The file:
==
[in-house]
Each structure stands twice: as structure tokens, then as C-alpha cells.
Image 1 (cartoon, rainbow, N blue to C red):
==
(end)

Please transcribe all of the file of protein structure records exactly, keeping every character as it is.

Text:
[in-house]
Each structure stands twice: as structure tokens, then as C-alpha cells.
Image 1 (cartoon, rainbow, N blue to C red):